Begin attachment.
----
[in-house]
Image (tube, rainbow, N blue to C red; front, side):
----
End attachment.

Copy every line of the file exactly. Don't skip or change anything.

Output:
[in-house]
Image (tube, rainbow, N blue to C red; front, side):